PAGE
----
REVIEW: The Four Legendary Kingdoms by Matthew Reilly

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1/5 on literary merit + 5/5 on fun = 3/5 on aggregate?

I’ve gotta be honest here, I’ve never read a book so emphatically dumb and enjoyed it so goddamn much. I finished The Four Legendary Kingdoms in maybe one two-hour long sitting–aside from the few chapters near the start with flashbacks or cutting away to Mae’s POV, this was a no-brakes adventure requiring next to no intelligence or mental engagement. And boy oh boy was it fun.

Alex Jones meets Death Race and this is the result, a conspiracy theory-powered mess of epic proportions that you can’t tear your eyes away from. It’s the ultimate guilty pleasure. The feeling is a bit like reading a bodice ripper, really–you know there are far better uses of your time and you know the book is pretty trashy, but you have such a good time reading it that you don’t care. I don’t watch the Resident Evil movies so that I can have profound reflections on life. Same with The Four Legendary Kingdoms.

The prose was pretty messy. Reilly has a strange obsession with exclamation marks and dumps a tonne of them everywhere, as if the content of the phrase isn’t enough to convey the gravity of the situation. Every other sentence reads like the following:

The man punched him in the face. He went down hard!

The water was rising. They were all going to drown!

West looked around and realised that there was no way out of this situation!

Then he finds a way out anyways, because he’s the ultimate badass hero, and when’s the last time you expected James Bond or Indiana Jones to die in their movies? It was great watching West think of increasingly outrageous and unrealistic methods of outsmarting his enemies as the book went on, but at some point, it just kills dramatic tension to know that your protagonist is going to get out with nary a scratch while legions of faceless, nameless mooks (who are literally a subhuman species here) are decaptitated, exploded, run over, or otherwise killed in hilariously gruesome ways. Well, not hilarious for them, but you know what I mean.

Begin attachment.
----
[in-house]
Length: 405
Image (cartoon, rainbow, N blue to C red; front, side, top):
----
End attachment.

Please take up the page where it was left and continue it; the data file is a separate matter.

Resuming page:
The best thing about this book by far is the sheer audacity it has in having fun with its carnage. A little catharsis every now and then, safely contained within the bounds of fiction. The second best thing is the many diagrams that illustrate exactly what is going on in the challenges. I would have been completely lost without them–a lot of work seems to have gone into designing the murder contraptions, the most creative I have read yet. Bravo.

I’m a little embarrassed by the extent to which I enjoyed reading this mindless violence, but hey, the good guys won in the end!

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